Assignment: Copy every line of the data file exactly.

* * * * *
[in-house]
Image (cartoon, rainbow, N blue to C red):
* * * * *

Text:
[in-house]
Image (cartoon, rainbow, N blue to C red):